Will the NFL Cave and Enforce a Rule to Remove Armor From Uniforms?

After the Buffalo Bills’ 24-year-old Damar Hamlin suffered an on-field cardiac arrest, due to a tackle to his chest, some fans have started calling on the league to update their armor and uniform rules.

Hamlin’s life was in danger when Cincinnati Bengals receiver Tee Higgins collided with him and was in need of immediate medical assistance.

Hamlin’s cardiac arrest may lead to the removal of armor from NFL uniforms

Right now, he’s making a recovery at the hospital; his physician reported that his ventilator usage has dropped to 50% this Tuesday.

However, this doesn’t say much about the safety of the sport and how much of that safety is taken away by the rigid padding that the players wear.

Experts believe Hamlin’s injury was one in 200 million; it’s fairly inconsistent to warrant a rule change, but the fans aren’t eager to see another one of their favorite players collapse on the field.

One Twitter user suggested the rules be updated in a way that allows players only to use as much protection as the players in the English counterpart of the sport do.

In English rugby, the players don’t wear any armor, which is offset by the fact they employ different tackling strategies and rules.

He added the armor worn in the NFL is precisely why the sport is riddled with career-ending injuries, as the armor allows the players to use it as a weapon at times.

Less padding would result in safer collisions?

The discussion continued, with another user explaining Hamlin’s injury was because the running back purposely used his rigid shoulder plates to tackle him.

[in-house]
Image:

What followed was an infrequent injury that Hamlin suffered purely due to the hard material making contact with his chest and causing his heart to stop.

As it turns out, the NCAA did previously attempt to introduce rugby-adjacent tackle into the game, as it would reduce the amount of necessary padding under every player’s uniform.

Unfortunately, this didn’t amount to much; football remained the same bloody sport that many believe doesn’t have a future if injuries like this keep on happening.

Some have recommended completely removing the padding, whereas others proposed the shell be more lightweight and protective against impact, rather than being hard and bulky, which is where the real issue lies.

Despite all the damage he’s done to their son, Damar’s family doesn’t hold anything against Higgins; they’ve urged the public to stop going after him.

The runningback reached out to Damar’s family almost immediately after the injury happened and he offered them his support through this tough time.

A soft-shell guardian cap will be making its first appearance this summer as the NFL begins its training camps for the season.

This article appeared in The Record Daily and has been published here with permission.